The Gold Standard remains with American womenIf one didn't know any better, the way Stanford grad Kerri Walsh Jennings and Misty May-Treanor celebrated their third Olympic gold medal in women's beach volleyball reminded you of a couple of teenagers at a rock concert.
Walsh Jennings and May Treanor earn third straight Olympic title
They were just reminding us that Olympic fervor is doing well, thank you, and then even the most experienced of all beach volleyball players can still act like kids in sand.
"It doesn't feel real, Walsh said. "I am scared that I might wake up tomorrow and discover that we have to replay that match. It didn't feel like that last time."
Extending their Olympic winning streak to 21 matches and improving to 42-1 in sets, Walsh Jennings and May-Treanor beat fellow Americans Jennifer Kessy and April Ross 21-16, 21-16 on Wednesday in London for the gold medal.
"It's a dream come true," said Walsh, who plans on continuing her beach volleyball career. "To win, you have to have the mindset to win."
Kessy and Ross were in their first Olympic competition.
"It is one thing to play an Olympic final and another to play one with people you know so well," Walsh said. "It ups the stress levels and anxiety levels. I was more nervous for that match than any other."
The celebration began when the two-time defending champions fell to their knees and hugged as Ross' final serve went long on match point. Then it turned viral.
The Athens, Beijing and now London gold medalists remained unbeaten through three Olympiads.
It was the Olympic farewell for May-Treanor, who has said she would like to have children.
May-Treanor and Walsh Jennings, three-time FIVB SWATCH World Champions (2003, 2005, 2007) leave with an unparalleled Olympic record of 21 consecutive match wins without a loss (7-0 this year) and a 42-1 won-loss record in Olympic sets, led this year's Games as a team in blocks with 25 and digs with 151.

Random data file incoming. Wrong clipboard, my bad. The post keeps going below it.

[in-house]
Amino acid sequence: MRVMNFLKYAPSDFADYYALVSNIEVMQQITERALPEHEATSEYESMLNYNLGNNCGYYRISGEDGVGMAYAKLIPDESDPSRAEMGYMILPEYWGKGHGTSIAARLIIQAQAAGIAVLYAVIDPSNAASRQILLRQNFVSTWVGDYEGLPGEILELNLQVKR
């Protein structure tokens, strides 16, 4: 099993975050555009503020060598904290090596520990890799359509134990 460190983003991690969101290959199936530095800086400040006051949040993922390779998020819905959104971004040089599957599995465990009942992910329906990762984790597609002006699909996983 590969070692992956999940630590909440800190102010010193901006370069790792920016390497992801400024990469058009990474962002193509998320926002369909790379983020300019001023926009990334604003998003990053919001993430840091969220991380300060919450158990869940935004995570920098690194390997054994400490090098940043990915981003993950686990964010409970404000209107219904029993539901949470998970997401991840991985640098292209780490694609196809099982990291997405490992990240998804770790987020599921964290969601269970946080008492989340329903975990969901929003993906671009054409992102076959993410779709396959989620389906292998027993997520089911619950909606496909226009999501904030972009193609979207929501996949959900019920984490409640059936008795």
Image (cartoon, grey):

Individually, May-Treanor led in digs with 107 and was tied for second in points with 125 while Walsh led the Olympics with 24 blocks.
"They are the best team of all-time," said Kessy, "and it doesn't hurt too bad to be second to them."
Men's water polo
The U.S. men's water polo team season came to an abrupt end Wednesday in the quarterfinal of the 2012 London Olympic.
This time the Americans, led by Stanford grads Tony Azevedo, Peter Varellas, Peter Hudnut and Layne Beaubien, won't get the chance to appear in a medal game after dropping an 8-2 decision to Croatia.
"I'm really searching for answers," U.S. center forward Ryan Bailey said. "We had a great training, we've been together for seven to eight months training, just ourselves, getting in great shape. Physically we're fantastic, best we've ever been. And then we came out and kind of laid an egg in some of these games. I have no excuses.
Croatia put an early end to the Americans' Olympic campaign with a sterling performance at both ends of the pool.
"We came into this Olympics wanting and thinking that we would win a medal, and we really haven't performed. I don't take anything away from Croatia, those guys played their butts off and played great defense and completely shut us down on six-on-five. They're a great team, but we just didn't have it today."
The Americans didn't have it really any day at the London Olympics. Other than an opening 8-7 win against Montenegro, a veteran U.S. team that boasts 10 players from the 2008 squad never really showed up in London, struggling defensively and sputtering in big games offensively.
"We came out hard, we played hard, I can't fault the effort out there. It's just our shots weren't falling and sometimes that's how it goes," Bailey said. "You hope it's not in the quarterfinals of the Olympics, but sometimes that's how it happens."
The loss brings an end to the international career of many of the Americans, Bailey's included, and starts what will likely be a bit of a rebuilding phase for the U.S. team.
"We're going to lose a number of these guys, a number of them are going to retire, and the next generation is going to have some big footprints to fill in," U.S. coach Terry Schroeder said. "We chose a team that was an older team, and thought that experience would give us our best chance, but it didn't work out."
Track and field
Stanford grad Arantxa King, competing for Bermuda, finished sixth in her qualifying group of the long jump to narrowly miss advancing to the finals.
King matched Belarus' Veronika Shutkova, each at 21-0, but King's +0.3 wind-aided jump kept her from advancing. Shutkova's reading was -0.1.
Stanford grad Jillian Camarena-Williams finished eighth in her group of the women shot put qualification round at the summer Olympics on Monday.
Camarena-Williams' best effort was 59-7 3/4, off her personal best by over six feet, and just under her 59-8 1/2 from the 2008 Beijing Olympic Games where she finished 12th overall.
Stanford junior Maria Koroleva, with partner Mary Killman, finished 11th overall Tuesday in women's pair. The scored a combined 175.670.